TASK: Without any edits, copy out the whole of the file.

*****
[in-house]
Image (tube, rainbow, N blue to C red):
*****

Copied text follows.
[in-house]
Image (tube, rainbow, N blue to C red):